Why the Future of Digital IS Print – in Five Minutes

Posted on by Greg Cholmondeley | 1 Comment »

by Greg Cholmondeley, Workflow Practice Director, PODi and Caslon & Company

DrewAppForum 2015 was awesome. The workshops, the vertical industry tracks, the workflow automation sessions, the best practices, the camaraderie, and the keynotes were all incredible. Let’s talk about one of those keynote presentations. Drew Davis, best-selling author of Brandscaping, gave a keynote address titled “The Future of Digital IS Print” and kept the audience riveted for a full hour. I’ll never capture everything he covered in a blog article, but I have jotted down some highlights and compiled a few key moments into a video so you can see the energy and passion of his delivery. It was impressive.

One of his key messages is that print is far from dead although we regularly see that message on blogs, on bumper stickers, on t-shirts, in magazines, and even in hard-cover books dedicated to the topic. But isn’t it entertaining that so many of those media are, in fact, printed? There’s a reason for this and Drew believes it is the reason why print is evolving rather than dying.

Think about it, electronic content dissemination is fast, cheap, easy and long-lasting because the Internet never forgets anything. But is it? While content does remain on the Internet and search engines can find just about anything – you really do have to search to find things. There is so much content constantly being generated that front-page stories disappear in a matter of hours or even minutes. Likewise, a lot of the content being pumped out every second is junk. In other words, “easy come – easy go.”

So how do you create longer-lasting, higher-quality content? Well, you compile, edit and print it. Print becomes a way to increase the value of digital content and to extend its shelf life. How about that for a mind-blowing idea?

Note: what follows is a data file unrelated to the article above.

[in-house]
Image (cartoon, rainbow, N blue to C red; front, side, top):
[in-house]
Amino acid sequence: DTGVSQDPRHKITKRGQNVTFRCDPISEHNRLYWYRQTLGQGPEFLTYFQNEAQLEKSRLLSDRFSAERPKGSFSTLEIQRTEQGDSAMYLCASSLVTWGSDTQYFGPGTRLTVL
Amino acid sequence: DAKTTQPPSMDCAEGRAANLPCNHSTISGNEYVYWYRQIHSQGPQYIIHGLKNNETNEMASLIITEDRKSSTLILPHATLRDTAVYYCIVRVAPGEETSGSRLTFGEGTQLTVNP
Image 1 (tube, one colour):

To monetize this idea, printers and marketers need to invert their thinking from how to digitize printed content to how to print digital content. It really does seem backwards until you think about it. Let’s consider how we got here:

  • In ancient times (say 20 years ago) content was physically mocked up, plates were made, and newspapers, magazines, brochures and so forth were printed.
  • Advance a decade or so and the contents of those traditional, printed materials began to be digitally reformatted into websites and ebooks.
  • Advance further and you find that the contents all start out in digital format with many never even making it to print.

Many companies try to embrace strategies to create digital versions of their printed materials for smart phones, tablets and desktops. There are cases where that makes sense, but much of the time that strategy is backwards – after all, the content originated in digital form.

One idea Drew proposes is for printers and marketers to leverage digital media’s strengths in creation, rapid and inexpensive delivery, and archival and to leverage print media’s strengths in quality, impact and longevity. In other words, rather than trying to create digital versions of printed materials – focus on identifying high-value, digital-only content and migrating it to print. Filter, edit and enhance the best digital contents from authors, companies, associations, and others which are flowing past like a raging river and turn them into high-quality, valuable, printed materials.

Drew used a full hour to expand this concept, to provide examples of how people are already doing it, and to cover additional thoughts. Listening to him I am sure he could’ve continued for many more as well. I have no prayer of covering it all, or describing it as well, but I hope this overview and video vignette help convey some of his speech. He is an insightful, energetic and entertaining speaker with thought-provoking ideas who did a terrific job of kicking off our conference. I highly recommend considering what he has to say and to inviting him to speak at your event.

One Response to “Why the Future of Digital IS Print – in Five Minutes”

Comment from Ken Young
Time May 24, 2015 at 7:27 am

Greg, super blog. Wish you were still with Ricoh.

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